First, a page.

Maestro Joel Barbosa has Conducted Orchestras outside of Brazil
Note from BBT: One thing that I feel is really lacking these days is the sophistication of the music, well as least in popular music. Don’t get me wrong, I know you can only expect so much out of pop music, but years ago, it was the norm to hear string sections and horn arrangements in popular music. I’m glad that a few decades ago, I learned to appreciate other forms of music. I remember in the 80s, in my hometown of Detroit, I used to listen to a legendary DJ known as the Electrifying Mojo. Mojo’s programs weren’t just about spinning records. They were an EXPERIENCE!
Listening to an Electrifying Mojo program on late night Detroit radio was like listening to a type of Close Encounters of the Third Kind. It had a space age, science fiction feel to it, complete with sound effects and his mesmerizing, poetic voice. Mojo was OUT THERE. He was the radio version of what Sun Ra, late 60s Miles Davis and 70s P-Funk was to black music. Although Mojo specialized in funk, especially 70s P-Funk and the 80s Minneapolis Sound, he might play ANYTHING on a given night. (Maestro Joel Barbosa)
I remember when Mojo went through a period when he started playing Classical Music on the air. For about a week of this new fascination with Classical Music, I wondered what his new playlist was all about. As it turned out, a listener had asked Mojo if he knew anything about black composers of Classical Music. Digging into his new discovery, it seemed that the Electrifying One went days, or was it weeks, playing Classical Music. I wasn’t really feeling it at the time, but some years later, I was ready to fully explore other forms of music beyond the R&B, Soul and Funk I was raised on.
In the United States, if you’re a crate digger like me, you could find black musicians experimenting with all sorts of musical styles. I expected the same when my music explorations eventually led me to Brazil. But as it turns out, in the 60s and 70s when there were hundreds of African-American musicians turning music on its ear with a variety of experimental styles from the aforementioned Miles, P-Funk and Sun Ra to Hendrix, Sly, Parker and Coltrane, Brazil wasn’t allowing many Afro-Brazilian musicians to stray beyond the samba. It was like, if a Brazilian musician was black, he was automatically expected to play a cavaquinho or a cueca. A black woman singer was also expected to sing samba.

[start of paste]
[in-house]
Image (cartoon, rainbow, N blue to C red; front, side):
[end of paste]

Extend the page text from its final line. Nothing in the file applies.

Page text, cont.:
While in the US, one could explore nearly the entire spectrum of Jazz (bebop, orchestra, fusion, contemporary) by simply analyzing the various periods in Miles Davis’s career, in Brazil, people will still find it strange to find a black man conducting an orchestra. Don’t get me wrong, in the 21st century, there is some exciting music being created by Afro-Brazilian singers and musicians (which I will be exploring further in the coming months), but I find myself wondering what type of music black Brazilians could have been making in the 60s and 70s had they been given the opportunities.
Of course I must acknowledge great musicians such as Pixinguinha, Baden Powell, Moacir Santos, Paulo Moura, Bola Sete, Johnny Alf, Raul de Souza, Paulinho da Costa, Wilson das Neves, Jamil Joanes, Oberdan Magalhães, Dom Salvador, Dom Um Romão, Waltel Branco, Renato Corrêa, Moacyr Silva and others. But in terms of Brazilian Instrumental Music, the list of well-known Afro-Brazilian session musicians and solo artists recording outside of the samba genre simply isn’t that extensive. And this is for black men, imagine the situation for black women such as conductor Alba Souza. With the same opportunities given to folks like Miles. Monk and Mingus, perhaps there would be more people like the subject of today’s piece, conductor Joel Barbosa.
Meet maestro Joel Barbosa, who charms residents of the capital city of Brasília with music
The EMB maestro and teacher left Rio de Janeiro at the age of 19 and, through music, constructed achievements in the Federal District
By WG Walder Galvão
The passion for music of teacher and conductor Joel Barbosa, 61, was born in childhood. Born in Jacarepaguá, a neighborhood in Rio de Janeiro, and raised in the suburbs of the city, he spent the first years of his life observing his musician parents in an Evangelical church. The interest in the practice came early, at 5 years old, when he told the family that he wanted to specialize. At 12, he started with the saxophone, migrated to the baritone saxhorn, conducted orchestras inside and outside of Brazil and, today, teaches at the Escola de Música de Brasília (EMB).